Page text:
Learning Goals: What do you aim to achieve with this activity?

I have done similar activity before and the main goal of it is to provide opportunity for students to work in teams and foster collaboration. While the final products by teams were always successful in the previous sessions of DEN2315, some students complained that it was not a true team effort and some students did not participate equally and did not contribute to the team’s outcome. By observing individual students’ participation online and evaluating their contributions to the process and the final group product, I was able to grade their efforts in a much more fair way and there was no more concerns from students about the unequal share of group’s work if some had done more or less than others.

Timing: At what point in the lesson or semester do you use this activity? How much classroom time do you devote to it? How much out-of-class time is expected?

Summer session 2-S is a 5-week course, we meet twice weekly in class. This assignment was due after the 4th week of the session and a progress evaluation was done at the end of week 3. We spent about 30 min in class to discuss the activity, organize students in groups and create their OpenLab project sites. The rest of work was done entirely online.

Logistics: What preparation is needed for this activity? What instructions do you give students? Is the activity low-stakes, high-stakes, or something else?

Students needed to learn how to create and manage their OpenLab sites and how to post/comment/add media and links there.
The activity is one of the 3 online assignments and it is 10% of their final course grade.

Assessment: How do you assess this activity? What assessment measures do you use? Do you use a VALUE rubric? If not, how did you develop your rubric? Is your course part of the college-wide general education assessment initiative?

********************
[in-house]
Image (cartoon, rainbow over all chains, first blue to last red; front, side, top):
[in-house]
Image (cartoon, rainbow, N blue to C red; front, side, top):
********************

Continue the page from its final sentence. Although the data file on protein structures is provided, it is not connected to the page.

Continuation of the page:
I assessed students’ work by the following:
1. their participation in class in creating the site
2. the number of posts/comments they contributed during the group’s work online
3. quality of the resources they found and shared
4. clarity and organization of their own powerpoint slides in the group’s presentation
5. appropriateness of references/citations
I did use the VALUE rubric for the assessment of Teamwork as my guide to evaluate students’ interactions. My session was part of college-wide Spring 2016 assessment (although it was conducted in the Summer 2016 session) but the rubrics were used for guidance and assessment only, not for grading individual student work.

Reflection: How well did this activity work in your classroom? Would you repeat it? Why or why not? What challenges did you encounter, and how did you address them? What, if anything, would you change? What did students seem to enjoy about the activity?

The activity worked very well. It was a marked improvement compared to the previous times I used this assignment and allowed students to select their own groups and topics as well as divide their work by themselves. Previously, for some groups it resulted in unequal work distribution and by overseeing each group of students I was able to evaluate each student’s work individually. I especially liked that this time all students worked together very well, even though they were randomly assigned to groups. Students’ comments about their experience were positive as well.

Additional Information: Please share any additional comments and further documentation of the activity – e.g. assignment instructions, rubrics, examples of student work, etc. These can be links to pages or posts on the OpenLab.

For students’ privacy, their OpenLab project sites were for members only. Assignment description is here: group-study-assignment-2016-teamwork
Teamwork VALUE rubric is on the CityTech AIR website.

Please share a helpful link to a pages or post on the OpenLab